You Are Logging All Wrong

13th October 2018 Off By binary
trading bonus no deposit

This post is based on an email one of the Principal Engineers at my company sent to the R&D mailing list a few months ago.

The scenario he described in the email is so obvious, and yet I can honestly say — that when I looked back at commits I did — I found that I did it myself from time to time. I liked it so much that I had so share it.

Two things to note

  1. It talks about logging in Java but you will see that the concept is easily imported to other languages.
  2. We wrapped log4j with a LogWrapper object we wrote, that among other things checks to see what is the current log level in the system before it continues to log the messages it got. So, when you see logger.debug — it is of type LogWrapper, and when you see m_logger it’s the wrapped logger.

This is an example of some code that logs messages the wrong way:

List veryLongList = …
// explicit invoke object's toString()
logger.debug(“my long list is “ + veryLongList.toString());
logger.debug(“my extra long list is %s”, veryLongList.toString());
// implicit invoke object's toString()
logger.debug(“my long list is “ + veryLongList);

All three of these versions are inefficient and error prone and should be avoided.

The reason is the call to toString(). it forces the creation of a possibly expensive String object that is then passed to the LogWrapper.debug() method.

To understand the problem with this, look at how the debug method is implemented:

public void debug(Object message) {
if (ThreadedLogLevelManager.isDebugEnabled(m_logger)) {
m_logger.log(s_className, Level.DEBUG, message, null);
}
}
public void debug(Object message, Object arg) {
if (ThreadedLogLevelManager.isDebugEnabled(m_logger)) {
m_logger.log(s_className, Level.DEBUG, message, arg);
}
}
...
public void debug(Object message, Object... args) {
if (ThreadedLogLevelManager.isDebugEnabled(m_logger)) {
m_logger.log(s_className, Level.DEBUG, message, args);
}
}

You can see that we first check and see the debug mode is enabled for this piece of code and only then goes to call the m_logger that does the logging.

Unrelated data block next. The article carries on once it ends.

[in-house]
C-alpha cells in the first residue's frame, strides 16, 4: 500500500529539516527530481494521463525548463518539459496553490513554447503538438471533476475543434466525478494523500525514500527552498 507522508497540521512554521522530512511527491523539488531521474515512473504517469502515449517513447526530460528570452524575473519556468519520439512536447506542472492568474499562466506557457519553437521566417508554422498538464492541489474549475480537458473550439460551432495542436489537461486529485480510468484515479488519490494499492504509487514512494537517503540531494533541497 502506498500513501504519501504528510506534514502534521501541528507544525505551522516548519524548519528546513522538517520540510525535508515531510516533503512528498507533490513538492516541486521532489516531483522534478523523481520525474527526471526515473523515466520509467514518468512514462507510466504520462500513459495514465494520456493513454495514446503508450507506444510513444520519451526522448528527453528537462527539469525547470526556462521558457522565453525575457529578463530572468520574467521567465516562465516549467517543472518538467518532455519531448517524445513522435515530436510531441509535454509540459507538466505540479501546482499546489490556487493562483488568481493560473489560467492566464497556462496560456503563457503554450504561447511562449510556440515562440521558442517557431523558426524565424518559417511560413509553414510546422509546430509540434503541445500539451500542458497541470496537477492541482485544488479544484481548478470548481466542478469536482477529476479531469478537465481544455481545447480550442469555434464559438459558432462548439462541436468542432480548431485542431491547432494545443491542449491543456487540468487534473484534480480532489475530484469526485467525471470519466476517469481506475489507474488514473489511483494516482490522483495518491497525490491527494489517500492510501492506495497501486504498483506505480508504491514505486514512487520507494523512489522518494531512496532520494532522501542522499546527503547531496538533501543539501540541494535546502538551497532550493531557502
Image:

Usually the m_logger won’t even be called since debug logging is generally disabled in production.

The m_logger itself then goes and turn the message into a string.
You can see below that the way it converts it into string is also an important check that we as developers sometime forget to do:

protected final String convertToString(Object message) {
return message == null ? (String)message : message.toString();
}

This protects you from getting a NullPointerException.

The Right Way

The way to do such logs is simply:

logger.debug(“my long list is %s”, veryLongList);

This has 3 benefits:

  1. LogWrapper will call toString() only when logging is enabled.
  2. If the object in question is null, it will be logged as the “null” string rather than raising an exception.
  3. The code is cleaner.

This may sound obvious but that are about 100 such cases in the code.

On a personal note, be minded in what you log. don’t log just for the sake of logging.

No better then Winston Churchill to sum it up most accurately:

“This report, by its very length, defends itself against the risk of being read.”

P.S. my good friend elad shmidov, while giving me notes on the post mentioned that:

Python has something similar about this in it’s logging best practice under the optimization section

P.S. 2 Another good friend/Editor/critic Guy Cepelevich, shared how they are doing it in Ruby:

// define the log method
def log
logger.debug yield if Environment.type == DEVELOPMENT
end
// use it
log {"this is what i want to log: " + String(element_list)}

The content of the curly brackets will be evaluated only when Environment.type == DEVELOPMENT


You Are Logging All Wrong was originally published in Hacker Noon on Medium, where people are continuing the conversation by highlighting and responding to this story.

How to win at binary options?